So if I’m worried about democracy, you say, how can I defend the EU? The narrative about a corrupt, anti-democratic EU establishment is irresistible in the UK. And it is made all the more compelling by the fact that it is, I freely concede, partly true. The aims of the EU are unprecedented in their scale. 28 countries, all with their own priorities, ambitions and internal disagreements just as vibrant and complex as ours, attempting to collaborate and agree a shared vision. Yes, in the post-imperial age, it is an attempt to collectively act as a super-power to rival America, Russia and China just as Churchill himself wanted. This isn’t shameful for Britain and the other great imperial powers of two hundred years ago. It isn’t, as someone I know put it (very evocatively I thought), a case of several people who each used to have their own suite now being made to share a room. It’s the people of Europe doing what we should have been doing all along: showing moral leadership to the world on human rights and cross-border cooperation. What you call “creeping federalism”, I call a noble and necessary evolution. Idealistic, unachievable claptrap you say? Idealistic yes, but unachievable no. Of course the EU is going through a bit of turmoil but did we ever think it was going to be easy? We understand the need to ride the ups and downs in our own country’s history without opting out of the whole project of a united Britain. Why take a different attitude to our continent? The irony is that the rise of similar movements in almost every other European country (Le Pen, Wilders et al) shows just how similar we all are. And we who voted to remain dared to dream that all those magnificent European nations could solve Europe’s problems together. Hopefully they still will, but we’ll no longer be at the party.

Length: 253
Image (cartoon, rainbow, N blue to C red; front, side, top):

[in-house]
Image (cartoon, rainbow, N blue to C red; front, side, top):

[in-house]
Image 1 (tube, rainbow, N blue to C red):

And those problems always seemed overstated anyway. The democratic procedures of the European Council are clearly far from perfect and I don’t for a moment deny that they could be improved considerably. But to suggest that the people at the top of the EU are ultimately self-appointed and unaccountable is simply false. Those procedures are complex, yes, and that in itself is unhelpful in transparency terms, but the procedures are there if you look them up.